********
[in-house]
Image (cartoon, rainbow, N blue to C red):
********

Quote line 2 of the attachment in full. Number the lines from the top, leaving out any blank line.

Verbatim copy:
Image (cartoon, rainbow, N blue to C red):